A jewel from South Korea about coming of age and class differences. Completely accessible and enjoyable.
Burning (from 2018, now on Netflix)
Director: Chang-dong Lee (Shi)
Screenplay: Chang-dong, Jungmi Oh
Cast: Ah-In Yoo, Steven Yeun
Runtime: 2h 28m
By: John DeSando
“To me, the world is a mystery.” Jongsu (Ah-In Yoo)
The protagonist of Burning is a naïve young Korean, Jongsu, shuffling through a life that gets incrementally more interesting in each scene but not passionate until pushed by a lovely girl or a slippery enemy. Then it burns.
As the opening quote signifies, Jongsu is a naïve but romantic sort, inarticulate when he is in conversation but soulful through his eyes. Daily he can be seen either in Seoul or tending the family farm in the town of Paj. Director Chang-dong Lee slowly sets up the subtle class conflict with two other characters, the three of whom create a romantic triangle that provides the heat Lee incorporates into a central fire motif. His influence by Faulkner’s Barn Burning is alluded to in the film as both works emphasize the uncertainty of finding peace in a world that attacks his family while the family contributes to the lack of peace.
Meeting a childhood friend, attractive and aggressive Haemi (Jong-seo Jun) after 16 years turns Jongsu more sociable but still introverted. The real mystery is what she wants in a relationship because her new friend, slick and manipulative upper-middle-class Ben (Steven Yeun), is interested in her as well ("He's the Great Gatsby," Jongsu says). It is confusing for introvert Jongsu to deal with his lust for her and to figure out Ben’s complex motives. Jongsu also envies Ben’s carefree wealth. The three hander takes off when the three are jousting.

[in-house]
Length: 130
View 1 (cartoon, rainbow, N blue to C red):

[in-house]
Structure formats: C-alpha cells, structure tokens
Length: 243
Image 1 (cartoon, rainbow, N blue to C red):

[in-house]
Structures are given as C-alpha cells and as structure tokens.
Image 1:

Director Chang-dong Lee keeps the slim plot going frame by frame until we have some idea many frames later that this film may turn out to be a thriller.
Jongsu is in an existential state of uncertainty, where he receives stimuli but gives little in return except to the cow and Haemi’s cat, Boil, which doesn’t materialize any time soon. The trial of his farmer dad in court provides insight into Jongsu’s troubled family life and the contrast to that of the rich, suave, carefree Ben.
Additionally, an unreality motif prevails where Haemi may be telling the truth or making it up, such as with the cat or her childhood trauma. At least in the first part of the story before we begin to see reality biting its way into inexperienced Jongsu’s life.
The importance of this Korean jewel of a mystery lies not in the plot but rather the psychological miasma of youthful fears and exploration, where life is a mystery because he is experiencing it now, as if he were creating his own identity minute by minute, and as if there were no history but family ties and the inchoate desires of a young man.
John DeSando, a Los Angeles Press Club first-place winner for National Entertainment Journalism, hosts WCBE’s It’s Movie Time and co-hosts Cinema Classics. Contact him at JohnDeSando62@gmail.com